They worked at several different ranches in the area. Lawrence worked for Bing Crosby twice. Lawrence was running the Kearns ranch when Bing Crosby bought it. Jeanetta Garner remembers hearing Lawrence and Margaret tell about working as a ranch manager for Bing Crosby, who was the owner or part owner at one time, of that same Kearns ranch in Nevada that Margaret's father managed in the 1920s. They have lived a colorful life and mingled with some of the Hollywood greats of that time. Bing Crosby would bring his friends from the movie industry to the ranch and they would let their hair down and relax and enjoy the peaceful life and enjoy Margaret's wonderful cooking! The Millers came to know many of the actors of that era. I loved Margaret's deep, husky voice, and chuckle, which reminded me of a leading lady in a Humphrey Bogart movie..."come with me to the casbah!!!"

In 1947, while they were still living in Nevada, they met a wonderful LDS family who sent the missionaries to see the Millers. Lawrence accepted the Gospel message and in 1961, he and 3 of their children were baptized. However, the ranch in Oregon was very remote, so church activity was hard to come by.

They stayed at another of Newt Crumbley’s ranches for a year until he sold that one too and then they went to the Stephen’s ranch which was owned by Dr. Stevens, who was Bing’s Doctor. He was a very prominent surgeon from Los Angeles. Lawrence managed the Stevens ranch for 12 years. When Dr. Stevens remarried his new wife wanted to change everything and the atmosphere wasn’t the same and they didn’t want to raise their children in that atmosphere.

Lawrence heard about the White Horse ranch where he had lived as a child. He interviewed for the job with a man whom he had lived with off and on during high school. Lawrence and Margaret managed the White Horse Ranch for 4 years in southeastern Oregon. Margaret said "when we moved to the White Horse Ranch, we had a cook for the men, but I filled in quite often when the cook had time off, or just between cooks! It was hard to find cooks in those days!"

After the White Horse, they moved to the Roaring Springs Ranch, in French Glen, Oregon. It was a huge ranch! He was ranch manager for another 4 years. They ran 5,000 mother cows and 4 bands of sheep (approx 4,000 head) . At the headquarters, there were always 5 or 6 hired men, and they were out so far from civilization, that many times, when someone came by, they were always invited to eat, so you might end up with 10 or 12 extra for a meal! Lawrence always tried to keep a hired cook,but it was difficult. Most women cooks didn't like to live so far from town...75 miles to Burns!! And the men cooks were all alcoholics!! Many times Lawrence would wake Margaret at 5 a.m. saying, "Mom, the cook is drunk... you're going to have to cook breakfast!" And while they lived there Margaret had to drive 60 miles a day to get the kids to school and back!

Margaret writes that she got lots of cooking experience when they were working on the ranches. While in Nevada, they worked 12 years on a ranch owned by a doctor. There were always 3 or 4 regular hands and during hay harvest time, there could be 12 or more. 3 of their children were born there, so Lawrence would hire a temporary cook during her confinement; but most of the time, Margaret was the cook!

From these experiences, we can tell why Margaret attained the cooking skills she possessed and the acclaim she has received for those delicious pies!! They became legendary!!

In 1968, the Millers moved to Caldwell, Id. and Lawrence went to work for Simplot for ten years. He worked with the feed lot. Lawrence and Margaret's hearts desire was to get a place of their own, so in 1973, they bought 80 acres of land in Parma, Idaho, and Lawrence continued to work for Simplot until 1980. They had about 60 head of cattle and also milked about 15 cows. They stayed there for 23 years. Soon after they moved to Caldwell, in about 1970, a lovely couple, Merlin and Roma Christensen, came to visit Margaret and Lawrence. Their purpose was to meet and welcome them, and invite them to come to church. Although Lawrence had to work on Sundays at that time, Margaret started attending church services and loved it!! In 1980, Margaret and Lawrence received their endowments and the sealing ordinance which binds them eternally.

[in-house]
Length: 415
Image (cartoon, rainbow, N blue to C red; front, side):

Margaret's service in the church began with a call to be the luncheon chairman in the Relief Society, followed by Relief Society secretary. She writes that it was a wonderful learning experience for her, as she had no idea how much the Relief Society did!! She served as secretary a second time with a leadership change, then as second counselor in the Relief Society.

Her next call was to teach in Primary, the 8 and 9 yr, olds in the Valiant A class. As she loved children, she loved that calling! After that, she was called to be the first counselor in the Relief Society.

Lawrence grew in the gospel, too. He was called to be the assistant to the High Priest Quorum and later, he served as the High Priest Group Leader. Margaret was called to work in the Boise Idaho temple in the 1980s, where she served as an ordinance worker for 4 years.

In 1997 they sold the property and moved to Nyssa, Oregon. This home was next door to their oldest daughter and her husband, Fran and Bob Ebbers. Here they kept about 10 head of cattle which were at Fran and Bob’s place.

Then in 1997, they sold their 80 acres in Idaho, and bought a beautiful place on Rock Springs Canyon Road, overlooking a lovely view of the road to the Owyhee Dam, and surrounding farm land.

No life sketch of this wonderful couple would be complete without mentioning the special and unique honor bestowed upon Lawrence, induction into the Buckaroo Hall of Fame! How well-deserving , for Lawrence has spent his entire life in the ranching industry, and "buckarooing," living and loving a lifestyle that is almost forgotten today. Many young men have been mentored and tutored by Lawrence, just as he was by his future father-in-law, Angus Maxwell. The Hall of Fame ceremony took place in Winnemucca, Nev., and many of his family and friends were there to share in the tribute. The honor was to both Lawrence AND Margaret, for it was always Margaret and Lawrence and Lawrence and Margaret, always working together and supporting each other their entire lives!